"Oh! this dire whirl of thought--my brain's on fire."

— Murphy, Arthur (1727-1805)

Place of Publication
Printed for P. Vaillant
"Oh! this dire whirl of thought--my brain's on fire."
Metaphor in Context
Octar, they've made
Such desolation here--'tis drear and horrible!--
On yonder couch, soon as sleep clos'd my eyes,
All that yon mad enthusiastic priest
In mystic rage denounc'd, rose to my view;
And ever and anon a livid flash,
From conscience shot, shew'd to my aching sight
The colours of my guilt--
Billows of blood were round me; and the ghosts,
The ghosts of heroes, by my rage destroy'd,
Came with their ghastly orbs, and streaming wounds;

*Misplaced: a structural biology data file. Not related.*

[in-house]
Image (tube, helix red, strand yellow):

They stalk'd around my bed;--with loud acclaim
They call'd Zaphimri! 'midst the lightning's blaze
Heav'n roll'd consenting thunders o'er my head;
Strait from his covert the youth sprung upon me,
And shook his gleaming steel--he hurl'd me down,
Down headlong, down the drear--hold, hold! where am I?
Oh! this dire whirl of thought--my brain's on fire--
(V, pp. 77-8)
First performed April 21, 1759. 10 entries in ESTC (1759, 1761, 1763, 1772, 1787, 1797).

Text from The Orphan of China, A Tragedy, As It Is Perform'd at the Theatre-Royal, in Drury-Lane. (London: Printed for P. Vaillant, 1759).
Date of Entry

The Mind is a Metaphor is authored by Brad Pasanek, Assistant Professor of English, University of Virginia.